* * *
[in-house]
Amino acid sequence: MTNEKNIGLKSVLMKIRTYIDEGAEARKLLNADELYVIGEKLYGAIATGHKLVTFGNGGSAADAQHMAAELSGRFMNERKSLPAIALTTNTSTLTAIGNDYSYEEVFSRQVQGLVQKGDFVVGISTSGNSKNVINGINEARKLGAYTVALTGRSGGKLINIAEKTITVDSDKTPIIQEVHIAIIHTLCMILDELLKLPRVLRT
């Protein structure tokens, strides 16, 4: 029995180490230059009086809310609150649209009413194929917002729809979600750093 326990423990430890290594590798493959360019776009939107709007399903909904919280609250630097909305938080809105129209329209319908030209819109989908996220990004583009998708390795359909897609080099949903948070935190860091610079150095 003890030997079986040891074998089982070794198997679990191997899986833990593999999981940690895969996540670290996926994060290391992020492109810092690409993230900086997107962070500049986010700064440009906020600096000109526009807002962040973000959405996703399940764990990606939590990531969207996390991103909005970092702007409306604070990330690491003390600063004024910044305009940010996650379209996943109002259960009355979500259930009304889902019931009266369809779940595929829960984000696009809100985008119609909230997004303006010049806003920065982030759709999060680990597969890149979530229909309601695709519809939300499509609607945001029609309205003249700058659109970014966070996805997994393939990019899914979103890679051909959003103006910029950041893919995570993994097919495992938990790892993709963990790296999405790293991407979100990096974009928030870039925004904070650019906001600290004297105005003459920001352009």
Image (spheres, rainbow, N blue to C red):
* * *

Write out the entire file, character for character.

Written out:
[in-house]
Amino acid sequence: MTNEKNIGLKSVLMKIRTYIDEGAEARKLLNADELYVIGEKLYGAIATGHKLVTFGNGGSAADAQHMAAELSGRFMNERKSLPAIALTTNTSTLTAIGNDYSYEEVFSRQVQGLVQKGDFVVGISTSGNSKNVINGINEARKLGAYTVALTGRSGGKLINIAEKTITVDSDKTPIIQEVHIAIIHTLCMILDELLKLPRVLRT
């Protein structure tokens, strides 16, 4: 029995180490230059009086809310609150649209009413194929917002729809979600750093 326990423990430890290594590798493959360019776009939107709007399903909904919280609250630097909305938080809105129209329209319908030209819109989908996220990004583009998708390795359909897609080099949903948070935190860091610079150095 003890030997079986040891074998089982070794198997679990191997899986833990593999999981940690895969996540670290996926994060290391992020492109810092690409993230900086997107962070500049986010700064440009906020600096000109526009807002962040973000959405996703399940764990990606939590990531969207996390991103909005970092702007409306604070990330690491003390600063004024910044305009940010996650379209996943109002259960009355979500259930009304889902019931009266369809779940595929829960984000696009809100985008119609909230997004303006010049806003920065982030759709999060680990597969890149979530229909309601695709519809939300499509609607945001029609309205003249700058659109970014966070996805997994393939990019899914979103890679051909959003103006910029950041893919995570993994097919495992938990790892993709963990790296999405790293991407979100990096974009928030870039925004904070650019906001600290004297105005003459920001352009």
Image (spheres, rainbow, N blue to C red):